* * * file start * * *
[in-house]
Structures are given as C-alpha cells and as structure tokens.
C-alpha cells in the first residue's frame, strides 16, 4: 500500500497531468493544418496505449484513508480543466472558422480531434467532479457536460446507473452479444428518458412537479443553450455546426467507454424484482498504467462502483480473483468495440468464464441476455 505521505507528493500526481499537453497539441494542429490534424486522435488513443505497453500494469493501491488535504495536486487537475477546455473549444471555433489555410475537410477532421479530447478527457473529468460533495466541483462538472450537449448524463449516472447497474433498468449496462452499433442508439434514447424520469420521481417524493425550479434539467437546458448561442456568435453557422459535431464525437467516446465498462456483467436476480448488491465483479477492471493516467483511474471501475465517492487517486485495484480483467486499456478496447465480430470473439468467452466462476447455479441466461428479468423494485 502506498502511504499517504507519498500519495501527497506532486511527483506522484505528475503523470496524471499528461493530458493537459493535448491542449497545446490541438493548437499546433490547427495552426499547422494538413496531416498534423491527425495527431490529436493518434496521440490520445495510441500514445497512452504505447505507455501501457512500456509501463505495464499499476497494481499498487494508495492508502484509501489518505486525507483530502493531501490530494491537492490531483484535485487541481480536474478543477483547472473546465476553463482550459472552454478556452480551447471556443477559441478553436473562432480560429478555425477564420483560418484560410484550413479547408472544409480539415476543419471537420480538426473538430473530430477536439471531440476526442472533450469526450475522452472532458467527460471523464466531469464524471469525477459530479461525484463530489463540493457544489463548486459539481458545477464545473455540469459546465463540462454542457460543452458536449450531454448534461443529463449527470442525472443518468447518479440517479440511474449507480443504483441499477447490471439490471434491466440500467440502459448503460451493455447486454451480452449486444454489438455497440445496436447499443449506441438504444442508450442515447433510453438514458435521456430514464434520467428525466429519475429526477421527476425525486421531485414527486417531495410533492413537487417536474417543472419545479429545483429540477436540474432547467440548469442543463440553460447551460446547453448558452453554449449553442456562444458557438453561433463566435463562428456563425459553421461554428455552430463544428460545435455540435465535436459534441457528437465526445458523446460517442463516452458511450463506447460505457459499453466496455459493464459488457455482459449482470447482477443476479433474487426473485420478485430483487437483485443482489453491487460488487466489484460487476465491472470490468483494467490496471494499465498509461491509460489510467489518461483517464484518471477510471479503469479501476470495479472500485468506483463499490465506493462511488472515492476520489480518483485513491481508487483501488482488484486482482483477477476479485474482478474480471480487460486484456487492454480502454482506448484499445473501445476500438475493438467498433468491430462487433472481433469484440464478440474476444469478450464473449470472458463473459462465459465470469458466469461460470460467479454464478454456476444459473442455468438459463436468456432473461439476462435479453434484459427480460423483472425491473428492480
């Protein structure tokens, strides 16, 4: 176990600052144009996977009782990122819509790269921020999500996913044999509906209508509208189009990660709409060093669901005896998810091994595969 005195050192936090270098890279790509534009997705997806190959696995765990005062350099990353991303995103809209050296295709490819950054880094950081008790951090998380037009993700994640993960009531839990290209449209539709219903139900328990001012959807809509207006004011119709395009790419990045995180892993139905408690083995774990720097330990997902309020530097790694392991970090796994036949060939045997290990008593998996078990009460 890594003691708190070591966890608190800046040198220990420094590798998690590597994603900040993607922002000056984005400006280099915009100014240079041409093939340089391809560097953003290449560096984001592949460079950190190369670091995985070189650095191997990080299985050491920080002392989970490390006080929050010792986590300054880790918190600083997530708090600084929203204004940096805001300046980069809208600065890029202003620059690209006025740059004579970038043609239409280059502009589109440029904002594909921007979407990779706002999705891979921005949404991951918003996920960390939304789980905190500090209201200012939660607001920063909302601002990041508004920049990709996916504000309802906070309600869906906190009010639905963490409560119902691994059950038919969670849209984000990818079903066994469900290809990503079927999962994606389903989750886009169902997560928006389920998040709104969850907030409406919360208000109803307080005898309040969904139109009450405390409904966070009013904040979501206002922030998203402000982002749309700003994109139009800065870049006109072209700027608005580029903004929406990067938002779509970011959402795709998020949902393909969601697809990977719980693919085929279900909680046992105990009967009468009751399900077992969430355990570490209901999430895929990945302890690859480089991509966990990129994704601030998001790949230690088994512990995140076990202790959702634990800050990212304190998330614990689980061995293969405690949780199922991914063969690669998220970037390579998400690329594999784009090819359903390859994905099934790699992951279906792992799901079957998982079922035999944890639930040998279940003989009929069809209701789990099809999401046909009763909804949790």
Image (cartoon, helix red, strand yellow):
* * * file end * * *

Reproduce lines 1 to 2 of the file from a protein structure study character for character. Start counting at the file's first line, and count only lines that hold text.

[in-house]
Structures are given as C-alpha cells and as structure tokens.